The company prided itself on running “flat” minimal layers of management. It allowed the company to minimize overhead, make decisions quickly.
But there was a focus on developing leaders too. On the lower ends of the ladder there was room to promote through the supervisor and managerial ranks. On the upper levels of the ladder — not so much.
People were trained, coached, and guided to do more and achieve more. The upward pressure of highly capable people strained the “flat” philosophy. These people kept doing more, being more, achieving more. Soon their titles did not match their outstretched responsibilities.
When there was no change to the structure the brightest left for other opportunities. The business struggled to loose such capable people. A change had to be made. But nothing happened for years. It would be costly to recognize these people appropriately.
Closed door meetings began. Whispered discussions fluttered about here and there. HR was unusually quiet. After a time, the remaining upper level leaders were brought into a conference room. They were given the promotions and papers. Of course, there would be no change in pay. And of course, with the title change more expectations were, well, expected of them.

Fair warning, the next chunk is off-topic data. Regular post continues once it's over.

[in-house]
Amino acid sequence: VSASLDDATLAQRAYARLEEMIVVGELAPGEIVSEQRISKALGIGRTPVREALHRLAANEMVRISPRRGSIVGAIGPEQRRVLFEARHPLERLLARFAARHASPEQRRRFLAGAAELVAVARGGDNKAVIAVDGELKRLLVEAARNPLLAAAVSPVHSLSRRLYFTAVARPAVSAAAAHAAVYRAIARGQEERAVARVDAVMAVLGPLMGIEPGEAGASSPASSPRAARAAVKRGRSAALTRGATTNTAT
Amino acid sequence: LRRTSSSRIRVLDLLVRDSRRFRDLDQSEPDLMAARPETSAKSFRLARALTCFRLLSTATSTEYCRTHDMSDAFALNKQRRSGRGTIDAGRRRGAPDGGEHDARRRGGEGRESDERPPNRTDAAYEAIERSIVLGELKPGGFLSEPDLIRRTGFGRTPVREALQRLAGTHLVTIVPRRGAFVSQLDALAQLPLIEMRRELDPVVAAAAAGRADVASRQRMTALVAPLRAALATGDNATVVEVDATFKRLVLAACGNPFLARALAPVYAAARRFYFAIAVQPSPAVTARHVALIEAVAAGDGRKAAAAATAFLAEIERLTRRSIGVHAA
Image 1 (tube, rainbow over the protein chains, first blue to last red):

It was a tough pill to swallow but not uncommon. Their contributions helped the business. In time, salaries and bonuses would shake out. They had too. This was a good company.
But the needs of the company and the underlying demand for “more” made other priorities — profit priorities — greater.
Shortly after the promotions, the leaders who had been prompted were fired — one after the other. Some quickly and without warning. Others with dignity and a fond farewell. In a few months after their promotions, many were all gone. In less than two years the rest were let go.
In their place, promoted up into those new titles they had fought so hard to attain were each of their lieutenants. The managers they had developed and coached under the auspices of “succession planning” now held those titles and their created roles.
The company saved a fortune on payroll by only giving the managers a little more and eliminated the talented leaders who had earned so much albeit underpaid for their experience.
The terminated were left with a brief title and a perpetual explanation of why or how they got fired so soon after getting promoted. None of the interviewers or recruiters were surprised.